Oh, and Tony Perez, though he did indeed benefit from playing on offensive minded teams, was still a great run producer in terms of XRBI -- still 41st overall.

Hank Aaron 2297 1 2275 1 0
Barry Bonds 1996 4 2059 2 2
Willie Mays 1903 10 2002 3 7
Babe Ruth 2217 2 1941 4 -2
Stan Musial 1951 6 1899 5 1
Rafael Palmeiro 1835 14 1789 6 8
Frank Robinson 1812 18 1785 7 11
Ken Griffey 1829 16 1776 8 8
Carl Yastrzemski 1844 12 1775 9 3
Eddie Murray 1917 9 1755 10 -1
Dave Winfield 1833 15 1675 11 4
Mel Ott 1860 11 1665 12 -1
Cal Ripken 1695 24 1662 13 11
Pete Rose 1314 91 1646 14 77
Reggie Jackson 1702 23 1624 15 8
Lou Gehrig 1995 5 1617 16 -11
Jimmie Foxx 1922 8 1614 17 -9
Ted Williams 1839 13 1604 18 -5
Alex Rodriguez 1706 21 1604 19 2
Sammy Sosa 1667 26 1604 20 6
Gary Sheffield 1676 25 1586 21 4
Ty Cobb 1937 7 1583 22 -15
Ernie Banks 1636 28 1573 23 5
Manny Ramirez 1788 19 1555 24 -5
Al Kaline 1583 37 1546 25 12
Andre Dawson 1591 34 1535 26 8
Frank Thomas 1704 22 1529 27 -5
George Brett 1595 32 1528 28 4
Mickey Mantle 1509 50 1519 29 21
Mike Schmidt 1595 32 1510 30 2
Billy Williams 1475 52 1490 31 21
Eddie Mathews 1453 55 1483 32 23
Fred McGriff 1550 41 1480 33 8
Harmon Killebrew 1584 35 1475 34 1
Jim Thome 1565 39 1470 35 4
Harold Baines 1628 29 1462 36 -7
Willie McCovey 1555 40 1451 37 3
Craig Biggio 1175 150 1439 38 112
Rickey Henderson 1115 183 1436 39 144
Paul Molitor 1307 97 1428 40 57
Tony Perez 1652 27 1428 41 -14
Robin Yount 1406 68 1419 42 26
Tris Speaker 1529 45 1410 43 2
Al Simmons 1827 17 1399 44 -27
Rogers Hornsby 1584 35 1398 45 -10
Luis Gonzalez 1439 59 1388 46 13
Jeff Bagwell 1529 45 1386 47 -2
Willie Stargell 1540 42 1384 48 -6
Chipper Jones 1445 57 1377 49 8
Dwight Evans 1384 71 1367 50 21
Dave Parker 1493 51 1364 51 0
Jeff Kent 1518 48 1345 52 -4
Honus Wagner 1732 20 1343 53 -33
Brooks Robinson 1357 77 1338 54 23
Carlos Delgado 1512 49 1335 55 -6
Mark McGwire 1414 66 1329 56 10
Darrell Evans 1354 78 1328 57 21
Rusty Staub 1466 53 1325 58 -5
Jim Rice 1451 56 1315 59 -3
Roberto Clemente 1305 98 1313 60 38
Carlton Fisk 1330 85 1306 61 24
Ivan Rodriguez 1264 114 1304 62 52
Steve Finley 1167 156 1302 63 93
Goose Goslin 1609 30 1293 64 -34
Andres Galarraga 1425 63 1291 65 -2
Joe Carter 1445 57 1289 66 -9
Vada Pinson 1170 155 1288 67 88
Vladimir Guerrero 1318 90 1287 68 22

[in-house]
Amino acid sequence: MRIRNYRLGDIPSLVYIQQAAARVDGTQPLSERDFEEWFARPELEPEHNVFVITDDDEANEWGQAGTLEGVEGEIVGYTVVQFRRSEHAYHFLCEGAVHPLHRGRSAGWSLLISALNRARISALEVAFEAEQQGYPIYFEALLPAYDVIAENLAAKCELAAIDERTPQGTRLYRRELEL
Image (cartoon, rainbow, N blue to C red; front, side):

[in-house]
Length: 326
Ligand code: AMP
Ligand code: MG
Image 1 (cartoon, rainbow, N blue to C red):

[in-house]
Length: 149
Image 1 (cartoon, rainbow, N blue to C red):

Graig Nettles 1314 91 1287 69 22
Orlando Cepeda 1365 76 1276 70 6
Cap Anson 2076 3 1269 71 -68
Gary Gaetti 1341 80 1266 72 8
Duke Snider 1333 83 1265 73 10
Chili Davis 1372 74 1262 74 0
Joe Morgan 1133 172 1258 75 97
Joe DiMaggio 1537 44 1256 76 -32
Mike Piazza 1335 82 1251 77 5
Larry Walker 1311 93 1248 78 15
Paul Waner 1309 95 1247 79 16
Charlie Gehringer 1427 62 1244 80 -18
Jose Canseco 1407 67 1239 81 -14
Dale Murphy 1266 113 1238 82 31
Nap Lajoie 1599 31 1225 83 -52
Ron Santo 1331 84 1224 84 0
Juan Gonzalez 1404 69 1221 85 -16
Johnny Bench 1376 73 1218 86 -13
Al Oliver 1326 87 1217 87 0
Steve Garvey 1308 96 1215 88 8
Sam Crawford 1525 47 1212 89 -42
Garret Anderson 1353 79 1210 90 -11
Yogi Berra 1430 61 1209 91 -30
Lou Brock 900 338 1204 92 246
Tony Gwynn 1138 169 1204 93 76
Roberto Alomar 1134 171 1200 94 77
Don Baylor 1276 107 1187 95 12
Eddie Collins 1300 101 1185 96 5
Ellis Burks 1206 129 1184 97 32
Jason Giambi 1330 85 1182 98 -13

Tuesday, April 20, 2010

Blogging Ethics and an Impending PED Suspension


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Monday night, @injuryexpert (Will Carroll of Baseball Prospectus) tweeted the following:

Ped suspension is coming.

This morning, he clarified in Under the Knife:

I hate covering these but for over a month, I've been getting whispers that there was a PED suspension being appealed. The process can be an extensive one, involving hearings and testimony, as well as some negotiation. There's no room to "plead down" on a positive test, so the attack is usually on Christiane Ayotte and her Montreal lab. Yesterday, I learned that a high-ranking baseball executive spoke off the record about the suspension being announced. He said it was a pitcher, but I couldn't get any solid confirmation of that fact by the time I posted on Twitter. (And yes, I did feel some pressure to get this out, but I also realized that by doing so, I was pretty much guaranteeing that someone else would break the name first.) I feel very confident in my information on this, but still have no idea about the name or the substance (though it's not an amphetamine.) It's pretty amazing that in a world where the new iPhone is pictured on the net, that baseball could sneak through the entire multi-week process with no leaks. That speaks well of the process put in place by the OIC and the MLBPA. While I expect the announcement today, baseball moves at its own pace

Later, Craig Calcaterra of NBCSports Hardballtalk clarified:

UPDATE II: I have learned that the player to be suspended is a National League pitcher.

UPDATE: I have learned that the PED suspension is NOT a New York player.

If you know me at all, you know that I eat this stuff up. It's not that I relish the downfall of athletes. I simply want every PED user brought down. If they did the crime, bust them. The more players who slip through the cracks, the less likely the game will ever be cleaned up. So even when the facts aren't all yet clear, I appreciate getting the heads up that something is coming. Builds the drama, and to be honest it's good journalism if what you want is to drive traffic to your site.